Volkswagen’s credit rating was cut one level yesterday by Standard & Poor’s, which said the German car maker’s cheating on diesel-emissions tests indicates management weaknesses that may lead to a further debt downgrade.
S&P lowered Wolfsburg-based Volkswagen’s rating on long-term debt to A-, the fourth-lowest investment grade, from A, and said that another cut of as much as two notches is possible.
“VW has demonstrated material deficiencies in its management and governance and general risk-management framework,” Alex Herbert, a London-based analyst at S&P, said.
“VW’s internal controls have been shown to be inadequate in preventing or identifying alleged illegal behaviour” and the potential for other violations “represents a significant reputational and financial risk.”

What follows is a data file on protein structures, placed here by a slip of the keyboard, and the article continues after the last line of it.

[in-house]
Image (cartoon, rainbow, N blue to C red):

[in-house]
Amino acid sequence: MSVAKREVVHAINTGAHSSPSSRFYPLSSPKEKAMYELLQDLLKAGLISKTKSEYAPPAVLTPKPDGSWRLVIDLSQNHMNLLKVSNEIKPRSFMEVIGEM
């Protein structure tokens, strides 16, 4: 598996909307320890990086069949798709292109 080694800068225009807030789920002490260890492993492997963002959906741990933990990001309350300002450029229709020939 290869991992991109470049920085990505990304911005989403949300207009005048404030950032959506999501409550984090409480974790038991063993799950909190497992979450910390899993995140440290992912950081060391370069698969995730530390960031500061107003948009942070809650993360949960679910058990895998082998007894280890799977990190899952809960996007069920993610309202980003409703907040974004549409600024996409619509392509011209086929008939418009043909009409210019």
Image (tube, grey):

S&P put Volkswagen on watch for a potential downgrade last month following revelations that a line of the car maker’s diesel-powered cars had software installed that was used to fool US emissions testers.
As many as 11m vehicles worldwide may have to be fixed to remove the so-called defeat device. The manufacturer’s debt was upgraded to A in September 2014.
Its top rating from S&P was AA-, the fourth-highest grade, which it received in 1991, according to data compiled by Bloomberg.
Volkswagen has yet to determine the full cost of the scandal. It has set aside €6.5bn for repairs and compensation, but has said that won’t be enough.
Among lawsuits and regulatory penalties, the US could fine it as much as $7.4bn (€6.5bn), Sanford C Bernstein estimates.
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